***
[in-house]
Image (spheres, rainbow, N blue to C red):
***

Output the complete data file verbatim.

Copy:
[in-house]
Image (spheres, rainbow, N blue to C red):